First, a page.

MARYSVILLE — Waterfront plans, fire levies, traffic safety, code enforcement and neighborhood watch efforts were all discussed during Mayor Jon Nehring’s Aug. 8 Coffee Klatch at Jennings Park.
Nehring opened the latest in his series of conversations with the public by explaining that the city’s waterfront is undergoing “a massive revitalization” as the city has purchased a number of buildings and lots, and secured federal environmental grants to clean up contaminated areas.
“If we just bought up the land and tried to sell it back, most people wouldn’t touch it because they wouldn’t know how much money they’d have to spend cleaning it up,” Nehring said.
Nehring elaborated that the city envisions park and concert spaces, a put-in point for kayaks and possibly even seasonal eateries.
Parks and recreation director Jim Ballew promised the public nearly four miles of new trails east of the Highway 529 bridge, which would extend Harborview Trail and branch off around the estuary.
Ballew expects the first of four phases of new trails to be complete by the end of this year, and looks forward to seeing schools take field trips along the new trails, which will feature educational areas.
The mayor was asked about a youth advisory council, like one that is just starting up in Arlington.
“We did have a youth advisory council a while ago, but honestly, the attendance just fizzled out,” Nehring said. “Kids are just so busy these days.”
Nehring confirmed that the Marysville Fire District is exploring a possible regional fire authority with Arlington, but assured voters that the proposal would go to them for approval. Nehring clarified that such an RFA would come with a new tax, but that the existing tax would be dropped.
Concern was expressed about speeders at the intersection of Highway 528 and 67th Avenue. The city was asked if better crosswalks or more flashing lights could be installed.
Nehring noted that 528 is a state highway, but touted the city’s good relationships with the Washington State Patrol and Department of Transportation as reasons to feel confident they could find a solution.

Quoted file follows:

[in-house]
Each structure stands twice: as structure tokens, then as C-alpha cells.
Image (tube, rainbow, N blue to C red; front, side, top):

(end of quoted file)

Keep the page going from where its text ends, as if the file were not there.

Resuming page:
Nehring believes in making Marysville more walkable, and bikable, but as he told one person who asked about installing new sidewalks, the size of the city limits its ability to renovate roads as proactively as staff would like.
“We’ve got a lot of older roads,” Nehring said. “But any time we perform other projects on those roadways, we do the full deal, adding more walking and biking opportunities.”
City public works director Kevin Nielsen added that the city spends roughly $400,000 a year in “filling in those gaps,” and leverages those dollars with grants “to get more for less.”
As for code enforcement, Nehring described Marysville as “pretty strict,” but argued that “there are some tough cases,” usually amounting to no more than 4 percent of the population, who refuse to comply.
“We encourage people to clean up their property voluntarily,” Nehring said. “If that doesn’t work, we go to fines. Court proceedings come after that, but judges are cautious about putting people in jail for code violations. We enforce all the laws on our books, but we have to show judges that we’ve made good-faith efforts to get people to comply.”
Community development director Dave Koenig recalled five houses he’d helped clear out, noting that a lack of water and sewer services is a warning sign of a drug house. Nehring added that even drug houses take time to get cleared out.
“These aren’t easy issues,” Nehring said. “But in the six years I’ve been mayor, and all the years I was on the City Council before that, I can say that our city has never been more focused on code enforcement than it is now.”
Much easier to resolve is graffiti, which the city partners with graffiti victims to clean up.
“It used to be, if your property got tagged, you were on your own,” Nehring said. “Most cities just tell you that you have forty-eight hours to clean it up yourself. Here in Marysville, our code enforcement folks come armed with three different colors of paint, to cover up the graffiti for you.”
Koenig relayed that incidents of graffiti are on the decline, which Nehring credited in part to online reporting of graffiti, as well as proactive community groups such as the Marysville Volunteers Program. Byron Muck, a member of the MVP, said the group has grown from 13 to 33 members.
“Crime is cyclical,” police chief Rick Smith said. “We utilize crime analysis to address specific areas, but our focus is citywide.”
Marysville police use the latest statistics to figure out where the “hot spots” are, and even work with public works to implement measures such as installing more lights in those locales.
“But the only way we’re going to reduce crime is if more people are willing to step up,” Smith said. “It’s not a one-hour show on TV. There’s no instant solution. We’re always looking for a better way to do things. But part of that has to be neighbors talking to each other.”